You'd think that unions would cheer the improved treatment of workers that is resulting in their obsolescence. Of course unions abandoned their altruistic motivations some time ago and now exist simply to sustain their own existence. Unfortunately, that's often the case with organizations of any stripe whose purpose is based on an issue that can be resolved. They need the issue that gave rise to their organization in order to justify their continued existence.

All of which brings us to Martin Heinrich. The former city councilor come candidate for congress has endorsed the Employee Free to be Pressured by Unions Act (read and watch it here) - an act co-sponsored by the candidate for continuous change, Barrack "The Messiah" Obama. Should the two men be sent to Washington, we all better get used to doublethink - freedom that is tyranny and tyranny that is freedom.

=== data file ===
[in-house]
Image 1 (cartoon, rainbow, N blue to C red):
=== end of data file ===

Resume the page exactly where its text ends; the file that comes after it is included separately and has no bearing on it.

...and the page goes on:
Aug 5, 2008

Eye Told You: Exposing the Weeds in the Grassroots

A couple of weeks ago we told you about the infestation of the New Mexico's political Bluegrass by political action groups posing as non-profits. We likened the infestation of the grassroots to that of the Bermuda trying to take over our Bluegrass lawn (read it here).

Last Friday, the first few shoots of that weed were exposed when three Democratic Legislators - Sen. Shannon Robinson, Sen. James Taylor, and Rep. Dan Silva - filed a lawsuit alleging illegal political activity involving one Eli Il Young Lee. According to the suit, Lee's Center for Civic Policy and the League of Young Voters New Mexico (now New Mexico Youth Organized) funneled money to six other non-profit organizations for the purpose of defeating both the targeted candidates and New Mexico Campaign Disclosure laws.
The lawmakers, all Democrats, allege in the lawsuit a "secret campaign" among opponents Eric Griego, Tim Keller and Eleanor Chavez to distribute literature, make phone calls to voters and funnel at least $180,000 of undisclosed campaign funds using local nonprofits.
The game being played by Lee and his cohorts is to use non-profits like Lee's Center for Civic Policy to send out hit, uh... "educational" mail pieces and to provide other campaign services that target politicians who won't play ball with them.